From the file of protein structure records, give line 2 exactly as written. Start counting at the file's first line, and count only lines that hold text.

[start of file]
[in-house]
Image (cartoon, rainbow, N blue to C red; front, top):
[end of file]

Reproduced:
Image (cartoon, rainbow, N blue to C red; front, top):